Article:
“They’ll bring us our topics in a few minutes. We may or may not get on camera,” he warned.

My contradictory nature couldn’t decide whether being on camera would be a negative or a positive. As my gut cramped, my mind warred between I want to be famous! and I want to be anonymous! Eventually, a harried woman in a lavender suit brought us two slips of paper with our debate topics. No cameraman or equipment appeared, and that fulfilled my expectations, at least. Average No-Name with Default Show-Host weren’t where the action was at.

Much to my non-surprise, the slips of paper were both blank and bore our topics at the same time. I knew as I stared at the little words not written there that I didn’t stand a chance of winning as a Contrarian. I couldn’t debate against these topics. How could I? They were too ordinary, and I would appear a fool.

As dreams go, the actual debate, where the climax of the dream should have played out, was a blur. I lost. But the details of my failure were missing because it was the expected result. The topics didn’t matter, and neither did the syllogisms. After it was over, Default Show-Host pretended that we’d had a good fight to the finish. He practically patted me on the head–in fact, I think he did. He patted me on my golden blonde hair [my hair hasn’t been that blonde since childhood], and he reassured me: “Average people don’t ever win the contrary argument. You did fine.”

Of course, my dream self shrugged the loss aside and buried the smallness I felt. I shrank inside my Wal Mart clearance rack t-shirt and convinced myself that the topics were wrong, that going against an instinctual male would never merit me accolades, that I still possessed a deeply intelligent half to my psyche. I was still a true Contrarian.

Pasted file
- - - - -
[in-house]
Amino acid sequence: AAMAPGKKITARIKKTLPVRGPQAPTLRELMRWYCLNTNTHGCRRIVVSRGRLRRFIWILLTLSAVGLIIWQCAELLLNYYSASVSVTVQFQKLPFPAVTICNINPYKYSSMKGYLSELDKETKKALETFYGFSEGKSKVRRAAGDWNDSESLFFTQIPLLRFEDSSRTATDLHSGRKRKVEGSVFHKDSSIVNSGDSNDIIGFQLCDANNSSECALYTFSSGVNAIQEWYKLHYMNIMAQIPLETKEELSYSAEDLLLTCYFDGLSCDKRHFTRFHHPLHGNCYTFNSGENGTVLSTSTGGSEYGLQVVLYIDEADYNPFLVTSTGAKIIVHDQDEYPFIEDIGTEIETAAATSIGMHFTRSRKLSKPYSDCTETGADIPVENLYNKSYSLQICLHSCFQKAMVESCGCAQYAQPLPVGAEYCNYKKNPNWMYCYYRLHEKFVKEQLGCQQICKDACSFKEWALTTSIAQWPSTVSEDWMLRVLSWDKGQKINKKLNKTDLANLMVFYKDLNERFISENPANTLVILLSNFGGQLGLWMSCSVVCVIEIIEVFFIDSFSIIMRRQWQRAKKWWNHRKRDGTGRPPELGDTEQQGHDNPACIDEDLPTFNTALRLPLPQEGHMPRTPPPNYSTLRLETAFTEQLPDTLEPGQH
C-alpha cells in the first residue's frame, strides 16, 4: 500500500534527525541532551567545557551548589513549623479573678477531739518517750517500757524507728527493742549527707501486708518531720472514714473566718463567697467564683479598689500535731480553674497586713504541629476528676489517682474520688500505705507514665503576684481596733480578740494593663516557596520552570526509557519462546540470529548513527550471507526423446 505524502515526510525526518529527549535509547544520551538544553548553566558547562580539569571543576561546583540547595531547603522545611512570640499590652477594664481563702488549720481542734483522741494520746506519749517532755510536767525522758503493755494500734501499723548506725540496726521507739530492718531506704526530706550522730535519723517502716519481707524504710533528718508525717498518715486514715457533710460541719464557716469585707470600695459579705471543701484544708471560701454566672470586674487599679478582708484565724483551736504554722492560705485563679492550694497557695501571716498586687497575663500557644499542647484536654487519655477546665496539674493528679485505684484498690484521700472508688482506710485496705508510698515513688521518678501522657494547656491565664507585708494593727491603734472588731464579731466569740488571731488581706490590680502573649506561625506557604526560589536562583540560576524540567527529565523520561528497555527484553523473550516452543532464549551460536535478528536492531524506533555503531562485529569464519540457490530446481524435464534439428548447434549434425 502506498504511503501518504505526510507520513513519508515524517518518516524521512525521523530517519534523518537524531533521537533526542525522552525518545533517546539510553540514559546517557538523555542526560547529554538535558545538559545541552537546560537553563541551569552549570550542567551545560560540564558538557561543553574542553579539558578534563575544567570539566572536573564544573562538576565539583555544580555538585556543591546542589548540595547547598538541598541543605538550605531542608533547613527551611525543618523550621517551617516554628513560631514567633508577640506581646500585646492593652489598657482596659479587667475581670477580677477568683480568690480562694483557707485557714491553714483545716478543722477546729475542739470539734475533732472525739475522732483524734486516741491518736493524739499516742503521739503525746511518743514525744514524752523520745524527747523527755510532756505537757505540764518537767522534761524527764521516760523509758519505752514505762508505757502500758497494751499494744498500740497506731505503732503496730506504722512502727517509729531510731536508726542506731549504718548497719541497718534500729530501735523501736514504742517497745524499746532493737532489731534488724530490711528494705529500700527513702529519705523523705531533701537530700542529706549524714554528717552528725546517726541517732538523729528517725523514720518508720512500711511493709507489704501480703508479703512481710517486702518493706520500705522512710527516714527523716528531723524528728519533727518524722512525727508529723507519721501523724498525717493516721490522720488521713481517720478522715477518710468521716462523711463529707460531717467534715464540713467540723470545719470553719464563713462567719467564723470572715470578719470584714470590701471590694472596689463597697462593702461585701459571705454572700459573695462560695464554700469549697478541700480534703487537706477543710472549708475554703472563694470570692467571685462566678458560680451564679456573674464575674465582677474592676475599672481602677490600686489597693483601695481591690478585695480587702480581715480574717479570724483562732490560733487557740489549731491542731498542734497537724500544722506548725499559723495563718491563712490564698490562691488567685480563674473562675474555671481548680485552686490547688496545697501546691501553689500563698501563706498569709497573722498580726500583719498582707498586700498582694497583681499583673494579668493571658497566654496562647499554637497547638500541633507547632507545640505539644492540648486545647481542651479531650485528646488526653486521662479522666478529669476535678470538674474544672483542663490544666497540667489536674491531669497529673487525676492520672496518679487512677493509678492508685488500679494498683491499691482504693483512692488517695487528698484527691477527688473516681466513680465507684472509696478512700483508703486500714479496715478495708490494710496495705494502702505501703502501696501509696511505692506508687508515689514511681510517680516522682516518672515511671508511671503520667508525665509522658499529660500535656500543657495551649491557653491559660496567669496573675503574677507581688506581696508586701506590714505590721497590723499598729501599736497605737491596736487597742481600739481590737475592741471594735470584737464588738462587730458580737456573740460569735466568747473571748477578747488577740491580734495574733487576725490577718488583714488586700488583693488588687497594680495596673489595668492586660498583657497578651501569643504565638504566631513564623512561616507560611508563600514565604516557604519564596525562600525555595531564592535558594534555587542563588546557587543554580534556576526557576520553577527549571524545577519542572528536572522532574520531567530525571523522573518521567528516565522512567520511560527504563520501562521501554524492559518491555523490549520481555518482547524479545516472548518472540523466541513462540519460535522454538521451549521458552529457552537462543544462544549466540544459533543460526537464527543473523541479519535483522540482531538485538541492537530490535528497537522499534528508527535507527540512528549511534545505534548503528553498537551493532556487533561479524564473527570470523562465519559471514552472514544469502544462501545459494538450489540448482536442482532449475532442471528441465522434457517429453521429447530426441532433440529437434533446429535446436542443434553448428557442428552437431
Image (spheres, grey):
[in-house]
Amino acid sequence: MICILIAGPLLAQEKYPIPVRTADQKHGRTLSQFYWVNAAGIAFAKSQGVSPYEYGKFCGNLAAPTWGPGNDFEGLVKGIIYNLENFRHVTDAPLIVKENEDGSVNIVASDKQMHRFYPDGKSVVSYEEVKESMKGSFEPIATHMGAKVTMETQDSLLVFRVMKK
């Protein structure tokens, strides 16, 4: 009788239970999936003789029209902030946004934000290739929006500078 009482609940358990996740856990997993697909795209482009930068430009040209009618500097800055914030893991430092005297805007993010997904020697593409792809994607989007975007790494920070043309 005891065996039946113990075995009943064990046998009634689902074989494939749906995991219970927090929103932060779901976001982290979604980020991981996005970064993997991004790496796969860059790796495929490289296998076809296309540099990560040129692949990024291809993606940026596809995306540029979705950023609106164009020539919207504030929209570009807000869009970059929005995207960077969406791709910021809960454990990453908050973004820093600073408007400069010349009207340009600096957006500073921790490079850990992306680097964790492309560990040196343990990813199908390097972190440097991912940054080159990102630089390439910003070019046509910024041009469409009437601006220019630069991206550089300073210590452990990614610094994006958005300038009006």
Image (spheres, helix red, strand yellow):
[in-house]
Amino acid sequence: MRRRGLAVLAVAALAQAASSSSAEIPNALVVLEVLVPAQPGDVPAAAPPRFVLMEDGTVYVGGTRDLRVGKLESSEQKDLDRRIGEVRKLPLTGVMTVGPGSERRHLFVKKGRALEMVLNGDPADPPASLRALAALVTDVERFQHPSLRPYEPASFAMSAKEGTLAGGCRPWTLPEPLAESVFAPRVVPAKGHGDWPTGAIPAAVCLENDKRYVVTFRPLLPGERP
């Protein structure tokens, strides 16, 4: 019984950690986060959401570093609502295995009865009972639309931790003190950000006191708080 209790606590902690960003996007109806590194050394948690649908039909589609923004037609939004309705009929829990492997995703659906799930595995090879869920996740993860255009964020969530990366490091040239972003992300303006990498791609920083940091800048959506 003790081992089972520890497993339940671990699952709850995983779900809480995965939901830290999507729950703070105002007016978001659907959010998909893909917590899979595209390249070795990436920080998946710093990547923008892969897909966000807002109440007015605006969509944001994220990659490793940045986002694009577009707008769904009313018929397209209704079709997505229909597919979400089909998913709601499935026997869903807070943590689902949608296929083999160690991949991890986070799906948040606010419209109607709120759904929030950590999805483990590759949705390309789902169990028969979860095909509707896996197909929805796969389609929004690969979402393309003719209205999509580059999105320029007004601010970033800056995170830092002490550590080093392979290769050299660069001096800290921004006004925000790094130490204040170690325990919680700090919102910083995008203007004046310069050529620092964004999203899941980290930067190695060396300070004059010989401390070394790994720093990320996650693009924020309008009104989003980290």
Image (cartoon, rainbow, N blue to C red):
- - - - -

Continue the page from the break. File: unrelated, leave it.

As I write this account of my dream world, many obvious interpretations leap out at me. And yet, I wonder if the true meaning is hidden in the same way that the PhDs were hidden throughout. In my imagination, I’m able to conjure a vision of the Intellectual Elites, with their dry shirts and sharp, wicked eyes framed by wire glasses. But they aren’t in the scape. Nothing in my mind brings them to life–no rattles of pens or the shaking of paper leaves, or the seeds of oppositional knowledge meeting the desert wind.

At the finale, I left the debate show, and the extended family went off for barbecue, and I followed along behind them, unsettled. A piece of me is still left in that dream.


Have We Castrated Christian Fiction?

The other day–for no apparent reason–I researched the functions of the amygdala and the orbitofrontal cortex. Okay, my research wasn’t entirely random, but sprang from an article I’d read, which theorized that behavioral traits are related to the right or left dominance of the amygdala and the OFC. Already aware that behavioral traits don’t necessarily have gender associations, I asked myself, “But aren’t male and female amygdalas different and, if so, how does this relate to personality and the differences between male and female thought processes?”